Posted at 1:31 PM on October 2, 2007
by Tom Scheck
Well, here we are. The team of my youth has made it into the playoffs for the first time since 1993. They did the improbable by winning the NL East with the help from the chokin' New York Mets.
I dropped the Phils a while back for a couple of reasons (mostly because I moved to Minnesota) but I found myself logging on to read the box scores at 11 pm or cursing ESPN News for spending too much time on the NFL when all I wanted was Phillies score.
I'm now infected with Phillies fever. Maybe it's because I was in Pennsylvania over the weekend and got caught up in all of the excitement. I think it has more to do with my 88 year old grandmother. She's been a Phillies fan all her life. She rarely misses a game and there has to be a pretty good reason if she does. The wedding of her granddaughter was one of those times. That didn't prevent her from demanding updates over the weekend. Every few minutes one member of the family would quietly saunter off during the first dance, the cutting of the cake or the toast by the best man (I totally missed that) to get grandma the score.
We would walk up to her and whisper in her ear "Phils are down two in the eighth. The good news is Ryan Howard just jacked one." Grandma would quietly smile when she found out the Phillies won. She would frown on Saturday when she found out that they were losing (and lost).
In fact, I'm not the only one to attend a wedding where most of the concern was over the ballgame and not the first dance. Famous Philadelphia Inquirer Columnist Bill Lyon (the best that ever was) witnessed the same thing. I just found this column but won't read it until I'm finished writing. To continue reading would force me to scrap this whole entry knowing I couldn't capture it as well as Lyon did.
It seems like my entire family grew up reading Lyon, loving their sports and hoping for victories. I know I'm not the only one.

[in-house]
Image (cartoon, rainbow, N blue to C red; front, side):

Families talk about the games, the plays, the collapses and the world championships (there haven't been any in the City of Brotherly Love since 1983). It would have been a quiet few years in my house if my father and I didn't have the 'iggles, the phils and the 76ers to talk about. In fact, Philadelphia's trophy case has been quiet over the years.
The city is starved for a victory. We watched the beloved 'Iggles lose in the Super Bowl a few years ago. The Sixers (otherwise known as Allen Iverson's one man band) couldn't get a win over those pesky Lakers a few years back. The Phils lost in 1993 on a Joe Carter homer. The last Philadelphia pro sports team to win was in 1983.
That doesn't mean there weren't highlights. Philadelphia has Villanova's 1985 NCAA basketball championship and Smarty Jones won the Kentucky Derby and Preakness Stakes in 2004. But the city groaned as the horse lost the lead to Birdsong in the Belmont and ruined any hopes for a Triple Crown "Smarty Party" as Lyon put it. Another horse, named Barbaro, also brought joy to the city after it won the Kentucky Derby in 2006. The horse came up lame in the Preakness and was put down after fighting to stay alive for a year.
Those two horses may be the perfect metaphor for the City of Philadelphia. Early on, Smarty Jones was near death after getting spooked and cracking its skull in the starting gate. The injury was so bad that the vet thought the horse would lose its eyes. But it persevered, got up and kept on running.
Barbaro broke a few bones but defied the conventional wisdom that the horse had to be put down and fought for life. For a year and a half, Barbaro's medical updates captured the city's hearts. Many hoped that the horse would defy the odds and live on. "Never say die" is the city's motto even when the priest shows up to read you the last rights.
That may be the embodiment of this Phillies team.
Philly fans also had to watch as the Phils approached and passed the 10,000 loss mark this summer. The Phils are the first team to do it. Were these fans bitter? Heck no. Many celebrated the event hoping that the team would get up after the knockdown, dust itself off and start swinging.
And swing they did.
Jimmy Rollins caught fire and proved that he should be the MVP (last night's botched outfield play by Matt Holliday is reason enough he shouldn't get it), Ryan Howard went deep 47 times and Cole Hamels has shown the guts of a gritty veteran.
The Phils caught the Mets. They also caught the heart of this 33 year old hoping to recapture the pride and joy he felt when the Phils won the 1980 World Series. He hopes he can whisper into his grandmother's ear just once more "The Phils did it Grandma. They did it."